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  1. Little Emotional Albert Rachel Walterman, Jamie Clay, Jess Schweer, Candace Cornick

  2. Little Emotional Albert • John B. Watson, Rosalie Raynor • 1920 • Freud’s psychoanalysis dominated psychology • Watson sought to disprove that biological processes were the only explanation for emotions

  3. Little Emotional Albert • Albert was an orphan and an only child • Raised from birth in hospital environment • Emotionally and physically healthy • Happy baby

  4. Little Emotional Albert • Watson’s theory: Emotional responses exist because humans have been conditioned to respond to stimuli in the environment • We learn our emotions

  5. Little Emotional Albert • Watson’s goals: • Can we condition fear of an animal by striking a steel bar simultaneously? • Can the conditioned emotion be transferred to other objects? • What is the effect of time on conditioned responses? • How can the conditioned response be removed (extinction)?

  6. Little Emotional Albert • Method • Albert was presented with stimuli to observe his reactions to them: • White rat, rabbit, dog, monkey, mask with and without hair, and white cotton wool • Albert did not show any fear to any of the situations he was presented with

  7. Little Emotional Albert • Tested reaction to loud noises by hammering a steel bar • The noise startled him and he cried • This is an unconditioned stimulus because the fear does not have to be learned

  8. Little Emotional Albert • Conditioning began at age 11 months • Albert was presented with the white rat and a loud noise simultaneously • At first, Albert was interested in the rat and wanted to touch it, but as soon as he reached for it a metal bar was struck, causing him to be frightened

  9. Little Emotional Albert • Process was repeated 3 times • One week later, the same procedure was followed • After 7 times, the rat was presented to Albert and he reacted with fear • He cried, turned over and crawled away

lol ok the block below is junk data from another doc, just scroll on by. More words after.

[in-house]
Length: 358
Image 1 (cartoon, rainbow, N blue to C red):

10. Little Emotional Albert • Watson was curious if the behavior would transfer to other objects – generalization • The next week Albert was tested again and found to still be afraid of the rat • Then, an object similar to the rat (a white rabbit) was presented to him • Albert instantly showed signs of fear – crying and crawling away

  11. Little Emotional Albert • Albert was not afraid of the rabbit prior to the study • He had generalized a stimulus • He was then presented with a package of cotton, a fur coat, and a Santa Claus mask and reacted fearfully to each one

  12. Little Emotional Albert • To increase the significance of the findings, Albert was tested in a different environment • Albert was brought to a different hospital room with brighter light and more people present • His reactions to the stimuli are presented in the following table:

  13. Little Emotional Albert

  14. Little Emotional Albert • Final Test: • To study if Albert’s learned emotional responses would persist over time • However, Albert was adopted and the tests were discontinued for 31 days • He was brought back and tested with the same stimuli and continued to be fearful • Researchers planned to recondition Albert of his fears, but he left the hospital on the day the tests were scheduled • No reconditioning took place

  15. Little Emotional Albert • Significant Findings: • Watson’s theory can explain human emotions in simple terms • Freud criticized as too complex to accurately explain behavior • Emotional disturbances can not always be contributed to childhood trauma • Phobias and sexual fetishes could be developed from similar conditioning

  16. Little Emotional Albert • Discussion Questions: • Even though Watson’s experiment was done in 1920, would you consider it ethical at that time? • Do you think that such fears would have occurred naturally had Albert not been in the experiment? • Do you think that the number of times Albert was conditioned affected his responses?

  17. Little Emotional Albert • Do you think that the fact that Albert was raised in a hospital played a role in his reactions? • Do you think that a fear learned during infancy could transfer to adulthood? • Could this study be generalized among all children or was he just a spaz? • How could the experiments’ effects be reversed?

  18. Little Albie Where’s Albert ????